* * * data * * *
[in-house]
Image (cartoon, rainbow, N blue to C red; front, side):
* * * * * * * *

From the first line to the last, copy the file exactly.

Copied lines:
[in-house]
Image (cartoon, rainbow, N blue to C red; front, side):